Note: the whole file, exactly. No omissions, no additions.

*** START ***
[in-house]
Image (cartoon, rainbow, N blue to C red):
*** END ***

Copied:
[in-house]
Image (cartoon, rainbow, N blue to C red):